If you spend any time on Twitter and follow any media industry people, you’ll often come away dizzy and fairly certain that every media company is buying everyone.
It started a year ago when AT&T announced it had reached an agreement to buy Time Warner. Things really turned upside down when 21st Century Fox – just three years after trying to buy Time Warner – signaled it wanted to sell some assets to Disney.
Then on Thursday, it was reported that Comcast may buy some of Fox. Or Verizon may. And of course, President Donald Trump may not allow AT&T to buy Time Warner. The Federal Communications Commission is potentially loosening media ownership rules. Net neutrality may go away.
Confused yet? Business Insider talked to a slew of industry experts and investors to break down why the media industry has suddenly become “Game of Thrones” and who has the best chance to win. Click here to read more.
In other news:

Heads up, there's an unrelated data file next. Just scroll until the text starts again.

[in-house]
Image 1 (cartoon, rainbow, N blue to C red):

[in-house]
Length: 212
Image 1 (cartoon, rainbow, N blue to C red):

There is no winning for marketers in the age of Trump, a divided America and the constant social media outrage loop. Companies like Keurig and Papa John’s increasingly seem to have no way to avoid consumer backlash.
Here’s why AT&T’s proposed $85 billion merger with Time Warner is a bad deal for you and me. The mega media merger, who’s fate may be decided in the courts, probably means higher prices and less content access for consumers.
4 reasons why ‘Justice League’ has flopped at the box office. The much-antiquated film had a weaker opening weekend than expected, due to poor execution and bad luck.
The media ad agency veteran Rob Norman is planning to retire, reports the Wall Street Journal. The 57-year old Norman has spent over three decades at WPP, most recent serving as global chief digital officer and North American chairman for the ad buying giant GroupM.
A handful of potential buyers are kicking the tires on Rolling Stone, reports Recode. The list includes Jay Penske, owner of the trade publication Deadline, and Bustle CEO Bryan Goldberg.